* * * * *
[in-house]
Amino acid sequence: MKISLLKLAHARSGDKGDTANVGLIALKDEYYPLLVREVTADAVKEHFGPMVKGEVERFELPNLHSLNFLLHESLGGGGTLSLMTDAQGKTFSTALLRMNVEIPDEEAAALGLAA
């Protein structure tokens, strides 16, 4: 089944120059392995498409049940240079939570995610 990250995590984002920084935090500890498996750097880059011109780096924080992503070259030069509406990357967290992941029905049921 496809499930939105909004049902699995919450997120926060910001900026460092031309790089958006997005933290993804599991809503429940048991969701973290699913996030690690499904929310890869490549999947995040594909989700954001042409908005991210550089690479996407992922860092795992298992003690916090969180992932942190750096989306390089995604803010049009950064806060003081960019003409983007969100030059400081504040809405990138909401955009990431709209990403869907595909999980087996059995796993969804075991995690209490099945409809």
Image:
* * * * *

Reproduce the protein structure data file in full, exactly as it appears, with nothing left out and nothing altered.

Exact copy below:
[in-house]
Amino acid sequence: MKISLLKLAHARSGDKGDTANVGLIALKDEYYPLLVREVTADAVKEHFGPMVKGEVERFELPNLHSLNFLLHESLGGGGTLSLMTDAQGKTFSTALLRMNVEIPDEEAAALGLAA
């Protein structure tokens, strides 16, 4: 089944120059392995498409049940240079939570995610 990250995590984002920084935090500890498996750097880059011109780096924080992503070259030069509406990357967290992941029905049921 496809499930939105909004049902699995919450997120926060910001900026460092031309790089958006997005933290993804599991809503429940048991969701973290699913996030690690499904929310890869490549999947995040594909989700954001042409908005991210550089690479996407992922860092795992298992003690916090969180992932942190750096989306390089995604803010049009950064806060003081960019003409983007969100030059400081504040809405990138909401955009990431709209990403869907595909999980087996059995796993969804075991995690209490099945409809």
Image: